G7 to hold emergency eurozone talks, Spain top concern

Billionaire investor George Soros speaks at a forum during the annual IMF-World Bank meetings in Washington, September 24, 2011. REUTERS/Yuri Gripas (Reuters) – Finance chiefs of the Group of Seven leading industrialized powers will hold emergency talks on the euro zone debt crisis on Tuesday in a sign of heightened global alarm about strains in the 17-nation European currency area.

With Greece, Ireland and Portugal all under international bailout programs, financial markets are anxious about the risks from a seething Spanish banking crisis and a June 17 Greek general election that may lead to Athens leaving the euro zone.

Canadian Finance Minister Jim Flaherty said ministers and central bankers of the United States, Canada, Japan, Britain, Germany, France and Italy would hold a special conference call, raising pressure on the Europeans to act.

“The real concern right now is Europe of course – the weakness in some of the banks in Europe, the fact they’re undercapitalized, the fact the other European countries in the euro zone have not taken sufficient action yet to address those issues of undercapitalization of banks and building an adequate firewall,” Flaherty told reporters.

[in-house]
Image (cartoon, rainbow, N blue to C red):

The disclosure of the normally confidential teleconference came as European Union paymaster Germany said it was up to Spain, the latest euro zone country in the markets’ firing line, to decide if it needed financial assistance, after media reports that Berlin was pressing Madrid to request aid.

German Chancellor Angela Merkel and leaders of her centre-right coalition said in a joint statement: “All the instruments are available to guarantee the safety of banks in the euro zone.”

They effectively ruled out Spanish calls to allow euro zone rescue funds to lend money directly to recapitalize Spanish banks, which are weighed down with bad property debts, without the government having to take a bailout program.

Berlin is pressing reluctant euro zone partners, including close ally France, to agree to give up more fiscal sovereignty as part of a closer European fiscal union.

A G7 source, speaking on condition of anonymity because of the sensitivity of the issue, said there were concerns about the risk of a bank run in Spain, which is struggling to recapitalize nationalized lender Bankia (BKIA.MC) and smaller banks stricken by the collapse of a property bubble.

“There’s a heightened sense of alarm over developments in Europe, particularly in Spain,” the source told Reuters. “There is concern on whether there will be a bank run in Spain that could have repercussions beyond the euro zone.”

SPAIN TO TEST MARKET

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